Nelson Mandela's memorial service will bring together a collection of at least 50 world leaders for what is expected to be one of the biggest gatherings ever known for a head of state.
Such is the influence of the first black South African president, that US President Barack Obama will rub shoulders with Hassan Rouhani, the new Iranian president.
Former presidents George W Bush, Bill Clinton and Jimmy Carter will also be there – as will Mahmoud Abbas, the Palestinian president.
The gathering is likely to present a major security headache for the South African authorities.
Prime Minister David Cameron has said on Twitter that he will be at Mr Mandela's (below) memorial service on December 10.
The Queen is also understood to have written to Mr Mandela's widow Graca Machel expressing her sympathies.
And Buckingham Palace confirmed that Prince Charles will represent his mother at Mr Mandela's funeral service in Qunu, South Africa on December 15.
Deputy First Minister Martin McGuinness has said he hopes to be there too. He said it would be a "great honour indeed".
"I would certainly like to be there and every effort will be made to ensure we are represented," he said.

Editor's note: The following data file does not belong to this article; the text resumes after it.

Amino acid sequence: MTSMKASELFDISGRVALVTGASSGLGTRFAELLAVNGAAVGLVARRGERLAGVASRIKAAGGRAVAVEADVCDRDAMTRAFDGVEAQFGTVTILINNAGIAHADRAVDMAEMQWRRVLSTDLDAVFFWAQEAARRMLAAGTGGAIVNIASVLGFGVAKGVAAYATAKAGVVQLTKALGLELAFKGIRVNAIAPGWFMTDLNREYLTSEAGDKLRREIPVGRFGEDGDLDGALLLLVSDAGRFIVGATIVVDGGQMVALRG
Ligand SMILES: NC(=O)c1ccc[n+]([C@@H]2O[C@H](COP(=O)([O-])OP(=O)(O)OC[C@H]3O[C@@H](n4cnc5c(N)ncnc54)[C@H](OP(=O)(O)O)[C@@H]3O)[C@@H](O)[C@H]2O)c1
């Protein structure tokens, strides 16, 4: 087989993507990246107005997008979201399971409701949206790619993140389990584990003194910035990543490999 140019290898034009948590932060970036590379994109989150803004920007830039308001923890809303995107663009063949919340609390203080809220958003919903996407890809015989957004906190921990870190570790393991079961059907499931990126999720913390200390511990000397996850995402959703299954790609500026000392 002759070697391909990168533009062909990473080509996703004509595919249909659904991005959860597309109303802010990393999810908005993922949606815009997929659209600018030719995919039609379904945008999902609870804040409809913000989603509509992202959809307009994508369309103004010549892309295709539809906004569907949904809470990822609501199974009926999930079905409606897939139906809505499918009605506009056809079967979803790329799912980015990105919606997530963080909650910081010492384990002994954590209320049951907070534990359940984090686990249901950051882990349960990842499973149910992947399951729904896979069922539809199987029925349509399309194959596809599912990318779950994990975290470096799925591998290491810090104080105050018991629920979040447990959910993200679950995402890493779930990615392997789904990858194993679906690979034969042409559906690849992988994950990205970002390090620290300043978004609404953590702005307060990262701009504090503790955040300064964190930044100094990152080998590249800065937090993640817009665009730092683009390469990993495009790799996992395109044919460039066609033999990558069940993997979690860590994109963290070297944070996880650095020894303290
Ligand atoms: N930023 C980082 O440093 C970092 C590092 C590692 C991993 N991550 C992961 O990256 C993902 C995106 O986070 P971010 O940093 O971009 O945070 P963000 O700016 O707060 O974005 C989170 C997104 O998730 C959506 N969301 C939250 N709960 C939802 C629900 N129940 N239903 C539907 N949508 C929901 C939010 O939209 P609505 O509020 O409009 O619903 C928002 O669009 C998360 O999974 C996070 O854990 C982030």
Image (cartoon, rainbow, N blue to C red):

"It is important that we honour and respect the memory of Nelson Mandela."
A host of celebrities – including Bono, Oprah Winfrey and the Spice Girls – will also attend the memorial service, and may even perform.
Other guests include former Finnish president Martti Ahtisaari, who helped oversee the decommissioning of IRA arms during the peace process here alongside Cyril Ramaphosa of the ANC.
The former Irish head of state Mary Robinson will join Mr Ahtisaari there as part of the delegation of The Elders, a group of former statesmen which Mr Mandela helped to launch.
Current Irish president Michael D Higgins left for South Africa last night ahead of the funeral accompanied by his wife Sabina.
The Irish government is being represented by Tanaiste and foreign affairs minister Eamon Gilmore.
Separately, a number of former Dunnes Stores workers, who went on strike in the 1980s over the import of goods from apartheid South Africa, also departed for Johannesburg.
The strike in Dublin was triggered in 1984 when 21-year-old cashier Mary Manning was suspended for refusing to handle goods bought from South Africa.
The official memorial service will take place at the FNB Stadium in Johannesburg.
A message on the South African government website said it would be attended by the public as well as heads of state.